Saul had entered the cave where David was hiding. Then Saul took off his coat. Quietly, David cut some cloth from the lower part of Saulís coat. Then he went back into the dark places where his men were hiding.
David had not hurt Saul, but immediately David felt guilty. David saw that he had a duty to be loyal to Saul. Saul was the king of Israel, so Saul was Davidís king. Saul was acting wrongly towards David; but that gave David no right to act wrongly towards Saul.
In addition, Saul was not merely a king; he was the king whom God had appointed. Godís Holy Spirit had come upon Saul in a powerful way. To oppose Saul would be to oppose Godís Spirit. Saul was behaving wickedly, but the Holy Spirit could still be working in his life (19:23-24). David had to deal with Saul as if Saul was still a holy man. That was the effect of the ceremony to appoint Saul king: the oil showed that God had separated him to do Godís work. So God made him holy (10:1).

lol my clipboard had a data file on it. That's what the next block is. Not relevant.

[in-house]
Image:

So David told his men that it was wrong to oppose Saul. He warned them that they must not hurt Saul. David confessed that he himself was wrong to cut the piece of cloth from Saulís coat. If Saul was guilty, then God alone could act as his judge (24:15). David must not punish Saul; instead, David had to respect him always. It was wrong even to touch a holy man in a manner that opposed him (1 Chronicles 16:22).
Davidís decision probably caused shock among his men. They were ready to attack Saul. Saulís death would bring about a quick end of their troubles. However, David would not allow it. He respected God and so, he respected Saul as his king.
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© 2014, Keith Simons.